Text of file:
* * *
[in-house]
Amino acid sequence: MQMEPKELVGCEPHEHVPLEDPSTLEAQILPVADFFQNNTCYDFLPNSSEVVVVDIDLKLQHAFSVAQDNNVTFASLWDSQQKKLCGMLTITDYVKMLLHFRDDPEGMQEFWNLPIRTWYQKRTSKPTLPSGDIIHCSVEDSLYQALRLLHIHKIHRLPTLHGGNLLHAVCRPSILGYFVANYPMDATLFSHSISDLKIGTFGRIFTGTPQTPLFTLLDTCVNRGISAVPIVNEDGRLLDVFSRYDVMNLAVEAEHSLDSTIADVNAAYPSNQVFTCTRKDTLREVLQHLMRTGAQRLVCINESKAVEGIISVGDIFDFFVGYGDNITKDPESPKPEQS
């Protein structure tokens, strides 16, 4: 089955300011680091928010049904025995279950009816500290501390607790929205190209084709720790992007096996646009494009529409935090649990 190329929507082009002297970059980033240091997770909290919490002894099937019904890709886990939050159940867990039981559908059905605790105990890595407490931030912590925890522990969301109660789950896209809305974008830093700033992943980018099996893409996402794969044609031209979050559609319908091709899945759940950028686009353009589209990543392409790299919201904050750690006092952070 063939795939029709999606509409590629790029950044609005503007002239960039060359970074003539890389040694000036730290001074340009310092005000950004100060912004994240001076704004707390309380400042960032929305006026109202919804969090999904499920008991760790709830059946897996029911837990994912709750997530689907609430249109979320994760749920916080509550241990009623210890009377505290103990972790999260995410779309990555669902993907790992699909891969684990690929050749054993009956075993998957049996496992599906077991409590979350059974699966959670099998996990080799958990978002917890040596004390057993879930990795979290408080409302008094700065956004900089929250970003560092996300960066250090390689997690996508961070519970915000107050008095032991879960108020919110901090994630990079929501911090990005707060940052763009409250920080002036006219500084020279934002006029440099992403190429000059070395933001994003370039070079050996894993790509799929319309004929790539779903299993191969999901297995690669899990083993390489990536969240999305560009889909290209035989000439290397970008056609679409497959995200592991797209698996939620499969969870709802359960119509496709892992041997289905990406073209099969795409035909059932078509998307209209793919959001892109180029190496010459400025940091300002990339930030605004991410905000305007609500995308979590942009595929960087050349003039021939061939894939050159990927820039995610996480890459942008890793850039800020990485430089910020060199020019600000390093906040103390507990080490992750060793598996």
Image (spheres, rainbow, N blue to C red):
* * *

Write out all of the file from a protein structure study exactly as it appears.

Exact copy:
[in-house]
Amino acid sequence: MQMEPKELVGCEPHEHVPLEDPSTLEAQILPVADFFQNNTCYDFLPNSSEVVVVDIDLKLQHAFSVAQDNNVTFASLWDSQQKKLCGMLTITDYVKMLLHFRDDPEGMQEFWNLPIRTWYQKRTSKPTLPSGDIIHCSVEDSLYQALRLLHIHKIHRLPTLHGGNLLHAVCRPSILGYFVANYPMDATLFSHSISDLKIGTFGRIFTGTPQTPLFTLLDTCVNRGISAVPIVNEDGRLLDVFSRYDVMNLAVEAEHSLDSTIADVNAAYPSNQVFTCTRKDTLREVLQHLMRTGAQRLVCINESKAVEGIISVGDIFDFFVGYGDNITKDPESPKPEQS
């Protein structure tokens, strides 16, 4: 089955300011680091928010049904025995279950009816500290501390607790929205190209084709720790992007096996646009494009529409935090649990 190329929507082009002297970059980033240091997770909290919490002894099937019904890709886990939050159940867990039981559908059905605790105990890595407490931030912590925890522990969301109660789950896209809305974008830093700033992943980018099996893409996402794969044609031209979050559609319908091709899945759940950028686009353009589209990543392409790299919201904050750690006092952070 063939795939029709999606509409590629790029950044609005503007002239960039060359970074003539890389040694000036730290001074340009310092005000950004100060912004994240001076704004707390309380400042960032929305006026109202919804969090999904499920008991760790709830059946897996029911837990994912709750997530689907609430249109979320994760749920916080509550241990009623210890009377505290103990972790999260995410779309990555669902993907790992699909891969684990690929050749054993009956075993998957049996496992599906077991409590979350059974699966959670099998996990080799958990978002917890040596004390057993879930990795979290408080409302008094700065956004900089929250970003560092996300960066250090390689997690996508961070519970915000107050008095032991879960108020919110901090994630990079929501911090990005707060940052763009409250920080002036006219500084020279934002006029440099992403190429000059070395933001994003370039070079050996894993790509799929319309004929790539779903299993191969999901297995690669899990083993390489990536969240999305560009889909290209035989000439290397970008056609679409497959995200592991797209698996939620499969969870709802359960119509496709892992041997289905990406073209099969795409035909059932078509998307209209793919959001892109180029190496010459400025940091300002990339930030605004991410905000305007609500995308979590942009595929960087050349003039021939061939894939050159990927820039995610996480890459942008890793850039800020990485430089910020060199020019600000390093906040103390507990080490992750060793598996």
Image (spheres, rainbow, N blue to C red):